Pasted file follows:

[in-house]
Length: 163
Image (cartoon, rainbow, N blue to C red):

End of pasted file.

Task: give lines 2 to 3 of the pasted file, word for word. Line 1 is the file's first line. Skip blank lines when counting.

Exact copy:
Length: 163
Image (cartoon, rainbow, N blue to C red):